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3

The following are guidelines that I typically use when making this decision. Tables are good when comparing data points across records/sorting/filtering. Use a table display when: it is important to be able to visually compare values from several different records (e.g. which address records are from Spain, order records by users' last name) you'd like ...


3

"Loading" screens, progress bars, spinners, or the like are necessary for operations which take enough time that the user needs reassurance that the program hasn't crashed or become unresponsive. For shorter-duration operations, a spinner or loading screen can actually increase the perceived duration (if not the actual duration) of the delay. There has ...


2

Radio buttons with all 3 options This is a very common scenario, and many sites use either select or radio buttons interchangeably. However, it's recommended to have all options visible at all times, not to mention radio buttons take only one click, while select requires click-->travel-->select If possible, use radio buttons rather than drop-down ...


2

You could introduce some way to set a specific priority (an icon, double clicking the existing priority column, etc). If I need to move from 345 to 13, I double click the 345 and type 13, hit enter and that row zips up to position 13 (former 13->14, 14->15, etc). I would likely combine multiple solutions. Click and Type is good for setting a specific ...


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No, there is no sensible reason for doing this. It is bad UX, plain and simple. Disabling pasting into a password field is actually encouraging bad passwords. Password managers automatically clear out the clipboard after pasting, so that argument is no longer valid.


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There are guidelines about keeping your user adequately informed about system response and delays: Response Times: The 3 important Limits by Jakob Nielsen This article was originally written in 1993 but was updated in 2014. The basic advice regarding response times has been about the same for thirty years [Miller 1968; Card et al. 1991]: 0.1 ...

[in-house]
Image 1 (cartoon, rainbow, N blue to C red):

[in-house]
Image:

1

Why don't you ignore special characters and sort them based only on alphabetical characters?


1

You might do two versions and A/B test them to compare the user reception and content results. One with confirmation checkbox (additional step) that blocks the 'Submit' action. Second one could be sth simplified, like this: It's clear call to action and should raise the awareness of the newcomer but would not block the flow of the frequent user.


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The best solution is typically option 3. Say the screen holds roughly 10 items, on page load send out the request for those 10 items and the 10 items immediately proceeding them (20 total). Then when the user scrolls past your first 10 items send the request for the third set of 10 items and load those in. This way the user will always have a buffer as they ...


1

I'm not normally an advocate for browser sniffing but this is one case where it may be highly useful. If you sniff out the browser (say Safari on iOS) you can display a message positioned correctly and give a directional arrow to indicate that the user can add to their home screen. Now doing this all the time and blocking part of the precious Real estate ...


1

I think you are talking about the carats. Jquery's UI library has defined line of code for every particular icon. But try not to use these on the headers. As for the headers the UI looks intuitive when we use icons like hamburger, kebab etc. Carats are for the in page navigation only.



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